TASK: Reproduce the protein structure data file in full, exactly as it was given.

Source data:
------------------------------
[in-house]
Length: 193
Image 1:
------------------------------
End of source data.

[in-house]
Length: 193
Image 1: